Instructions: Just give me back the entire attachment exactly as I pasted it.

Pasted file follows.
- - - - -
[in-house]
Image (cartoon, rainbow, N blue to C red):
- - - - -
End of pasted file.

[in-house]
Image (cartoon, rainbow, N blue to C red):